SAT 2016

CHAPTER 5

THE SAT READING TEST

The Three Secondary Questions

Lesson 6: Ask, “How does the author use language?”

Good writers choose their words carefully. Each word should serve a purpose in conveying an idea or tone to the reader. Often, SAT Reading questions ask you to determine the meaning or tone of particular words or phrases based on context.

How to attack word-in-context questions

Word-in-context questions test your “verbal inference” skills, that is, your ability to determine the meanings of words by how they are used in context. Here’s an example:

In line 24, the word “decline” most nearly means …

The word decline isn’t really a challenging word. Instead, it’s an ambiguous word. That is, it has a variety of possible meanings. It can mean “politely refuse,” “diminish in strength,” or “move downward.” Its meaning depends on its context.

To attack a word-in-context question, reread the sentence in which the word is used, recalling the purpose of that paragraph and the specific meaning of that sentence. Then think of a word or phrase you could replace the word with without altering the meaning of the sentence, and then find its best match among the choices.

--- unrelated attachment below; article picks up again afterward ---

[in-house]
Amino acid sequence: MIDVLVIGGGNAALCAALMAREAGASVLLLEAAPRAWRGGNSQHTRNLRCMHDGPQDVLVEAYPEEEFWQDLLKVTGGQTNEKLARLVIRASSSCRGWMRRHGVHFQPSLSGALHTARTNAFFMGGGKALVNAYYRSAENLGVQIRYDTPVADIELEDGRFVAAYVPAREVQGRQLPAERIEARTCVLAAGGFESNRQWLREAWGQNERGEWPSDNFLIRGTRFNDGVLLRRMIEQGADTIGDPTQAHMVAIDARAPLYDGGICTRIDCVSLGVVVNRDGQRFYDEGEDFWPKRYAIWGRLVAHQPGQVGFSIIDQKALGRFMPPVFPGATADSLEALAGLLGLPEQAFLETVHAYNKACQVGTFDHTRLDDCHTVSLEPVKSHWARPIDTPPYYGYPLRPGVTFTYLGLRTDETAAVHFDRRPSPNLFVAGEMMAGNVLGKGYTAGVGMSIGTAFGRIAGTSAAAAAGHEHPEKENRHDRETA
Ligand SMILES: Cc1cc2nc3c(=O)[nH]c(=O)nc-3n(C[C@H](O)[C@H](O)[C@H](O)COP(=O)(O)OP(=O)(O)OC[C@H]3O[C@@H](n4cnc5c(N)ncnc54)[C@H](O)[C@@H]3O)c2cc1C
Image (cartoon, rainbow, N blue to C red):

Check your answer by rereading the sentence with the replacement word or phrase. Make sure the resulting sentence sounds okay, that is, it conveys the proper meaning and tone, and it follows Standard English idiom.

Consider question 4 in Exercise 2:

4. In line 40, “mortal” most nearly means

A)   human

B)   earthly

C)   bitter

D)   fatal

We can use the word mortal in many different ways. In Socrates is merely mortal, it means “human.” In The coffin contained our dog’s mortal remains, it means “earthly.” In They were mortal enemies, it means “bitter.” In The infection turned out to be a mortal one, it means “fatal.” So answering this question requires knowing more than the definition of mortal; it requires understanding the context of this particular sentence. When Pasteur said,“Never will the doctrine of spontaneous generation arise from this mortal blow,” he meant that the doctrine is as dead as an opponent who has been struck with a sword. Therefore, in this context, mortal means “fatal,” and the correct answer is D.

How to attack tone questions

The SAT Reading question will sometimes ask about the tone or attitude conveyed by the passage as a whole or in particular words or phrases. Here are some examples:

The author’s attitude toward the “critics” (line 22) can best be described as

The tone of lines 13–16 (“It was not until. … emergency”) is one of